The company hired Ms. Gorelick and parted ways with Mr. Drummond.

"We've stayed friends ever since Main Justice," Ms. Gorelick said. She wouldn't comment on her recommendations to the company.

Mr. Drummond couldn't be reached for comment. He has previously said that he is "far from perfect," but disputed the claims against him.

Mr. Walker's remit is unusually broad for a general counsel. In addition to legal, he supervises public policy, Google's (GOOG) Trust and Safety organization, a "responsible innovation" department, think tank Jigsaw and a charity arm that doles out $200 million in grants yearly. Colleagues said he answers his phone -- a Google Pixel 5 -- at all hours of the night.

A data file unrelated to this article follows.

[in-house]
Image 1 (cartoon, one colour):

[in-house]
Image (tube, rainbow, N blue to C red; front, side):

Mr. Walker often says, according to people who know him: "If you ever find me complaining about my job, just shoot me."

Google has also attempted to make him a public face, in many instances ahead of Sundar Pichai, the company's chief executive. In 2018, Google unsuccessfully attempted to send Mr. Walker instead of Mr. Pichai to testify for the Senate Intelligence Committee.

A year later, at the Alphabet stockholder meeting -- the only annual opportunity for shareholders to query Google's (GOOG) executives -- Mr. Walker cut in to answer most questions, including one directed specifically at Mr. Pichai. Seated on the same dais, Mr. Pichai never spoke at the event.

Write to Rob Copeland at

  (END) Dow Jones Newswires
  12-19-20 0544ET